It denotes ‘Necessity’ For Ex – One must sleep for 8 – 10 hours.
You can use ‘Must’ to denote strong possibility. For Ex – He looks quite sad, he must have failed.
You can use Would to refer to future time. For Ex – I would love to see you tomorrow.
‘Would’ is also used to denote choice. For Ex – I would prefer tea to coffee.
You can use Would for making a ‘request’ For Ex – Would you please lend me 10 rupees.
Would can also use it to express a ‘Wish’ For Ex – I wish, I would succeed in my life.
We can use ‘Would’ for expressing an ‘Opinion’ For Ex – I think he would pass the test.
You can use ‘Should’ to denote duty. For Ex – You should respect your teachers.
You can use ‘Should’ to express an advice For Ex – You should work hard to pass the exam.
Note: Conjunction ‘Lest’ is generally followed by ‘Should’.
For Ex – Work hard lest you should fail.
You can use ‘Ought to’ to denote ‘moral duty’ For Example.
You ought to help poor.
We ought not to disrespect our elders.
You can use ‘Used to’ to denote Something that is done or experienced in the past but is no longer done or experienced. For Example.
I used to play cricket but now I don’t like it.
I did not use to eat egg.
You can use Dare to denote challenge or courage: For Example.
Nobody dares to oppose him.
They dare not ask for any further loan.
Need denotes requirements. For Example.
I need to buy a new house.
You need not take off your blazer.
You can use Will to talk about the future. For Ex – Ravi will call you tomorrow.
You can use Will to make a request. For Ex – Will you give me your phone?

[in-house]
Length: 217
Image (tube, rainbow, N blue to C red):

You should use Shall instead of ‘will’ when the subject is first person (‘I’ and ‘we’). For Example.
I Shall go to school tomorrow.
Note: In modern English,you should use ‘Will’ with both ‘I’ and ‘Will’ as well.
Exercise of Verb
Fill the following with suitable forms of verbs.
- What ……… the latest news. (is/are)
- Fifty rupees ………. Not a big amount. (is/are)
- Cattle …… grazing in the field. (is/are)
- Neither of us ……… ready to go home. (is/are)
- Billiards ……… my favourite game. (is/are)
- He …………. (live) in Kolkata for five years.
- At the moment, he ……… (play) in the park.
- I ……… (wish) I knew the girl’s name.
- She ………… (take) a bath when the telephone rang.
- I have already …………. (tell) you that you should work hard.
- Ram always …………… (remember) that honesty is the best policy.
- Ramesh ……………. (leave) his house before I called on him.
Answers of the given Exercise
- Has been lining
- Is playing
- Was taking
- Had left.
Want to Learn more about modal helping verb, then watch the video
The auxiliary verb image is taken from https://7esl.com/auxiliary-verbs/